Description : After coming through the blizzard that almost cost them everything, Jens and the boy are far from home, in a fishing community at the edge of the world. Taken in by the village doctor, the boy once again has the sense of being brought back from the grave. But this is a strange place, with otherworldly inhabitants, including flame-haired Álfheiður, who makes him wonder whether it is possible to love two women at once; he had believed his heart was lost to Ragnheiður, the daughter of the wealthy merchant in the village to which he must now inexorably return. Set in the awe-inspiring wilderness of the extreme north, The Heart of Man is a profound exploration of life, love and desire, written with a sublime simplicity. In this conclusion to an audacious trilogy, Stefánsson brings a poet's eye and a philosopher's insight to a tale worthy of the sagasmiths of old.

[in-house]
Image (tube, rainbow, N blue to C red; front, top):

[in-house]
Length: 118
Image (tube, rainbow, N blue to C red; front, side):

Description : The mind is an amazing thing, but it is just part of the heart. Let me explain. When the Bible refers to the metaphorical heart it includes our mind, (our thought life), our desire (our emotions), and our will (our decision making). This makes up our character; who we really are. In this writing I would like to look at the heart of man and then the heart of God. The first three parts of this writing is based on three messages given by Charlie Fizer at the Hiawatha Bible Chapel in Wabasha Minnesota. I have added my thoughts to his teachings plus seeing his teaching was about the heart of man, I am adding a fourth part on the heart of God to round off his lessons on the heart of man. Charlie Fizer is retired from Emmaus Bible College and is now serving the Lord by traveling to small churches across the US and Canada teaching God's Word. He also holds a position as Chaplain in Dubuque, IA. Where he and his wife Darlene live. Charlie and Darlene also served as missionaries in Japan for many years. As we start to look at the heart of man we see something that happens over and over again in all mankind; and this includes men and women alike. When a person sins it happens like this. First the thought is conceived in the mind; we think about something like David did when he looked at Bathsheba and started to lust after her. Then that thought started to develop within, (the heart). It became a desire of the heart. Then by the will one acted on that desire so becoming an act of sin. This is the case for every sin we commit, or action we take whether good or bad. It starts in the thought process of the heart, which is called the mind. We are so programmed to think when we hear the word “heart”, we start to think about the organ in our chest that pumps the blood throughout our bodies. This is true but when we hear the word in the Bible it always mean, the most inner part of man's makeup, except for two places where it meant the organ that pumps blood. It is who you really are. It has to do with your intellect, feelings, your will, and all your desires. It also can mean the most center part of you. It is where everything in you comes from. Let us look at the way we use this word and some of the meanings; the idioms we use. First “at heart.” We use this in reality, fundamentally; basically. Then when we say “break someone's heart” we mean to cause someone to be devastated by sorrow or disappointment. If you say, “I can say that by heart.” you mean you can do it entirely from memory. There are so many more like this, “eat your heart out”, “have a heart”, “have one's heart in the right place”, lose one's heart to”, and this list can go on and on. All this idioms deal with what we are talking about here. If you don't think this subject is important, just think of this. The word “heart” is found 835 times and is in 775 verses in the New King James Bible (NKJV). (A side note: I did a search on BibleGateway.com and searched the entire Bible for the word heart in the New King James Version Bible and it is found 926 times). In any case it is found many time. Let me ask some questions. Have you ever questioned the motivation of your heart? Or have you ever thought yourself to be something? Then maybe you have never read verses like “For if anyone thinks himself to be something, when he is nothing, he deceives himself.” Galatians 6:3, or “If anyone among you thinks he is religious, and does not bridle his tongue but deceives his own heart, this one's religion is useless.” James 1:26. Maybe one last verse, “The heart is deceitful above all things, and desperately wicked; who can know it?” Jeremiah 17:9. Wow! This should make us question our hearts all the time, but the truth is not many of us do this. We trust our hearts even though the Bible tells us not to. This will lead us down the wrong path every time. Let us try to understand the heart of man by what the scriptures tell us about it. First the heart is the thinking aspect of man. We read in Proverbs 23:7 NKJV, “For as he thinks in his heart, so is he.” Then Jesus asks in the New Testament, “For out of the heart proceed evil thoughts.” And again he said “Why do you think evil in your hearts?” There are so many scriptures that tell us this, (Matthew 9:4; 15:19; 24:48, Luke 2:19) just to mention a few. Now the question is, Does it make a difference in the way I think? What does my eternal destiny have to do in the way I think? Or maybe to put it another way, Am I responsible for the way I think? I say a big “YES.” Again the scriptures tell us affirmative, “For to be carnally minded is death, but to be spiritually minded is life and peace. Because the carnal mind is enmity against God; for it is not subject to the law of God, nor indeed can be.” (Romans 8:6 NKJV). (Remember the mind is part of the heart). Whatever things are true, whatever things are just, whatever things are pure, whatever things are lovely, whatever things are of good report, if there is any virtue and if there is anything praiseworthy—meditate on these things.” (Philippians 4:8 NKJV). I believe there is a lot said about our thought life because that is where sin starts. We have to remember because of the fall our heart changed. We need a heart transplant which we will talk about later. Now if our thought life is wrong it will now make our actions wrong. Even when we think we are doing good, sin enters in by way of pride, and pride is sin. Are we messed up or what? All right now, after we have wrong thoughts then our desires and will come into play. Our thoughts control our desires, (an emotion) which in turn controls our will, (our actions). With all this in mind, let us move on with this subject. We are going to start a three part study plus one on the heart, which I described above. Let us start with this scripture and Charlie Fizer's first message.